The Quesadilla Purist is Corrupted by the Pastry Queen

Yes, another Pastry Queen dish, further experimentation for next Saturdays Tex-Mex Fiesta. Curiously, only two of the recipes I’ve ever cooked from this book actually use pastry. Perhaps I’ll make the Bourbon Apple Pie next weekend to level the field a bit.
Back to the meal in question: Brisket and Brie Quesadillas. I am a Quesadilla purist. I like them with cheese and nothing else. This could be down to a bad experience at a restaurant in Door County where I ordered a roast chicken Quesadilla and was served something that resembled an oil slick on a plate. Full marks go to the chef for trying to obscure this greasy mess with copious amounts of grated carrot and other vegetables that should never see the inside of a salad bowl, much less garnish a Mexican dish. However, I cannot forgive a restaurant that doesn’t serve salsa with a Quesadilla and the nearest thing that they have to sour cream is “mayonnaise or tartare sauce, ma’am?”
I am a generous person by nature though and I thought I’d at least try it. After removing much of the oil from my plate with several paper napkins and a high suction industrial vacuum cleaner, I gingerly nibbled a corner and was greeted with a yummy mouthful of....gristle and bone fragments. Yum! My favourite!
I delicately pushed the plate to the side and picked at my husbands fries. He, who was sensible enough to order the quarter-pounder, gallantly offered me half of his lunch but I couldn’t take food from him. Besides, I was feeling much too nauseous after that unpleasant mouthful. Paul tasted the Quesadilla and noted sinisterly that he had “tasted worse.”
That experience was over five years ago now (five years!) and since then I have only partaken in ‘virgin’ Quesadillas. That is until yesterday. It took the Pastry Queen to change my mind but there I was, yesterday afternoon, cooking a big hunk of beef in Coca Cola, with every intention of stuffing flour tortillas with it.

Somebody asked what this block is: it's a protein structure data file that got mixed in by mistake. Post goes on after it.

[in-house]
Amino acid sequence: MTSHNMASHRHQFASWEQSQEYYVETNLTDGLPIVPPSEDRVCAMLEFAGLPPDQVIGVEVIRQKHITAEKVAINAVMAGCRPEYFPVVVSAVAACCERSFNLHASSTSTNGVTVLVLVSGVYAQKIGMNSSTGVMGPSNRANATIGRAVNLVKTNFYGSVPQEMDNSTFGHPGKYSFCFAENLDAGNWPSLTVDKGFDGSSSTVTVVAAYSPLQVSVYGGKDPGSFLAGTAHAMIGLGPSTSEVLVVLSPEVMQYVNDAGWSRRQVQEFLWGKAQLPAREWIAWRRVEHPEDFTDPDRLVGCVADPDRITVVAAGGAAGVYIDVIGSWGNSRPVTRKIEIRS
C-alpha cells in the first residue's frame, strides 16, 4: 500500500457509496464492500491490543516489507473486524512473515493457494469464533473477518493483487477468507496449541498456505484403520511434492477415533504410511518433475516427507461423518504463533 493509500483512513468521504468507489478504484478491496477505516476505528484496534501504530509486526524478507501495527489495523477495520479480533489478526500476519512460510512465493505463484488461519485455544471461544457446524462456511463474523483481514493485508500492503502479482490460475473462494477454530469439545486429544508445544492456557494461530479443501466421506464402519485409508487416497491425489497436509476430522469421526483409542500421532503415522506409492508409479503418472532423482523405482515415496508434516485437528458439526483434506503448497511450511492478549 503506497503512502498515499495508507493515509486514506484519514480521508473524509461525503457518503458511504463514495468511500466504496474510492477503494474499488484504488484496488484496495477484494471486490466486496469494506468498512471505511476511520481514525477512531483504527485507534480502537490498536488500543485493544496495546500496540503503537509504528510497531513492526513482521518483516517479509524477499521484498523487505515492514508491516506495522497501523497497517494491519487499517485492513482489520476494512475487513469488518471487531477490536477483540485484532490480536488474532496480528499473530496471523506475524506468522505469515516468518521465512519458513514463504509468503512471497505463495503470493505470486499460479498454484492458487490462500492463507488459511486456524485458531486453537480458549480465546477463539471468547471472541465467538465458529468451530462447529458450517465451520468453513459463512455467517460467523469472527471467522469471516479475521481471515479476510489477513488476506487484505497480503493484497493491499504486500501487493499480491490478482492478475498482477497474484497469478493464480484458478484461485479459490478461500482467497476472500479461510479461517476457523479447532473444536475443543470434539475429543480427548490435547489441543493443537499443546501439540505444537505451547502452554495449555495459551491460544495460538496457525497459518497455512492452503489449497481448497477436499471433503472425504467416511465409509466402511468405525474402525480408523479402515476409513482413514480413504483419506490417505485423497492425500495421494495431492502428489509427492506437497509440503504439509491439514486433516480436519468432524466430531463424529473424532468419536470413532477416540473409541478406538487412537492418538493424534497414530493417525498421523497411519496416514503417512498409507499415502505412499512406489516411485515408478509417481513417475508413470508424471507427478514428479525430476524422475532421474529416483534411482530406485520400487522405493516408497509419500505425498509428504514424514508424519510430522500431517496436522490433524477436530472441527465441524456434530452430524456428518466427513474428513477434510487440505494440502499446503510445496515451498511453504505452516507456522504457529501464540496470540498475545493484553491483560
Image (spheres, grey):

You heard right, Coca Cola.
Well, it’s not so unusual. People have been cooking ham in Coke for many years so why not beef? It gives the outside of the meat a rich, caramel colour, slightly sweet but not overtly so. The inside is tender. Those damn bubbles, they work their magic so effectively!
So, whilst the beef (I actually used silverside and not brisket but I won't change the title because I enjoy the alliteration) was stewing in its Coca Cola bath, I made the barbeque sauce that Rebecca Rather suggests you serve with the beef.
I'm not generally a fan of Barbeque sauce, finding it much too smoky tasting but this recipe, which utilised ketchup, mustard, worcestershire sauce, fresh onion and garlic and mango chutney was quite revelatory. It was tangy, sweet and moreish.
Once the beef and sauce are prepared, you're good to go. Slap a flour tortilla in a hot frying pan (or on a griddle if your kitchen is super hi-tec), shred the beef with your fingers on top of the tortilla (or serve in manly hunks if you prefer), then dot chunks of Brie on top of that, grate some cheddar on top of that, finishing with a layer of the barbeque sauce, another tortilla and cook for about five minutes, turning part way through once the bottom has started to toast.
We served our Quesadillas with Sour Cream and some Pico de Gallo that Paul made (a very simple, fresh tasting salsa comprising of chopped onion, chopped tomato, chopped chilli and chopped coriander. Yes, that's a lot of chopping).